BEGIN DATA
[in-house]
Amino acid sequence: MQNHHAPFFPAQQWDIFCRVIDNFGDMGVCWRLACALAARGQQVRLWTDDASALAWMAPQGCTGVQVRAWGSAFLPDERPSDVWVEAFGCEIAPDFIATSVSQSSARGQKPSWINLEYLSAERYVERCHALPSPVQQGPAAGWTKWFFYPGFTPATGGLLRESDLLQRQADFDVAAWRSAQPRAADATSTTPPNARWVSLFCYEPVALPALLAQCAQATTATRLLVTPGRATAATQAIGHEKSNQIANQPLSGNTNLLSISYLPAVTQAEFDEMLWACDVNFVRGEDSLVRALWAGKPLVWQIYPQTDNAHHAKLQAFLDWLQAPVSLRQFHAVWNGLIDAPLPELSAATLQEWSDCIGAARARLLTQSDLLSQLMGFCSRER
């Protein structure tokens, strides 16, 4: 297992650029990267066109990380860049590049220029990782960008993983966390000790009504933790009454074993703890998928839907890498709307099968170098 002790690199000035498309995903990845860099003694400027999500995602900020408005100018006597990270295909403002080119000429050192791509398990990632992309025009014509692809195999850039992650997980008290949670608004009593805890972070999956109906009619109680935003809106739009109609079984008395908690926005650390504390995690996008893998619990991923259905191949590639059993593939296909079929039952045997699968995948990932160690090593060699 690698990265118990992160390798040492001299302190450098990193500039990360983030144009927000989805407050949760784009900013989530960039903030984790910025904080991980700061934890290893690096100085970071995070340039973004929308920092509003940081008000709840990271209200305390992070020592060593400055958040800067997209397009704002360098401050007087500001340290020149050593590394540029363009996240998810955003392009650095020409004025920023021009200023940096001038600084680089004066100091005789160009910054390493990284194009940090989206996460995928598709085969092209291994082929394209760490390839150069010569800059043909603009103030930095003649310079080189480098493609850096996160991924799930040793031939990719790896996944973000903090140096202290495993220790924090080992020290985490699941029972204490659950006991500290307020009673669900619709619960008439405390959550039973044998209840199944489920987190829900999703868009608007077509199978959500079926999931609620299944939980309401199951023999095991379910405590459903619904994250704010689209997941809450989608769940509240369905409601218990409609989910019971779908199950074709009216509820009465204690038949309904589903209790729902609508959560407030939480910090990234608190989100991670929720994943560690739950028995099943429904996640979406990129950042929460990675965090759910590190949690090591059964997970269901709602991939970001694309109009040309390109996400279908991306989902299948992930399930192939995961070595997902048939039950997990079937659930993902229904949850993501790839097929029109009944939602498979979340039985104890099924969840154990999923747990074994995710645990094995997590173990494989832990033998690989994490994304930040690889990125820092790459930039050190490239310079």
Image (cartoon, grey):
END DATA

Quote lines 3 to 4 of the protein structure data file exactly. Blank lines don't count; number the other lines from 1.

């Protein structure tokens, strides 16, 4: 297992650029990267066109990380860049590049220029990782960008993983966390000790009504933790009454074993703890998928839907890498709307099968170098 002790690199000035498309995903990845860099003694400027999500995602900020408005100018006597990270295909403002080119000429050192791509398990990632992309025009014509692809195999850039992650997980008290949670608004009593805890972070999956109906009619109680935003809106739009109609079984008395908690926005650390504390995690996008893998619990991923259905191949590639059993593939296909079929039952045997699968995948990932160690090593060699 690698990265118990992160390798040492001299302190450098990193500039990360983030144009927000989805407050949760784009900013989530960039903030984790910025904080991980700061934890290893690096100085970071995070340039973004929308920092509003940081008000709840990271209200305390992070020592060593400055958040800067997209397009704002360098401050007087500001340290020149050593590394540029363009996240998810955003392009650095020409004025920023021009200023940096001038600084680089004066100091005789160009910054390493990284194009940090989206996460995928598709085969092209291994082929394209760490390839150069010569800059043909603009103030930095003649310079080189480098493609850096996160991924799930040793031939990719790896996944973000903090140096202290495993220790924090080992020290985490699941029972204490659950006991500290307020009673669900619709619960008439405390959550039973044998209840199944489920987190829900999703868009608007077509199978959500079926999931609620299944939980309401199951023999095991379910405590459903619904994250704010689209997941809450989608769940509240369905409601218990409609989910019971779908199950074709009216509820009465204690038949309904589903209790729902609508959560407030939480910090990234608190989100991670929720994943560690739950028995099943429904996640979406990129950042929460990675965090759910590190949690090591059964997970269901709602991939970001694309109009040309390109996400279908991306989902299948992930399930192939995961070595997902048939039950997990079937659930993902229904949850993501790839097929029109009944939602498979979340039985104890099924969840154990999923747990074994995710645990094995997590173990494989832990033998690989994490994304930040690889990125820092790459930039050190490239310079």
Image (cartoon, grey):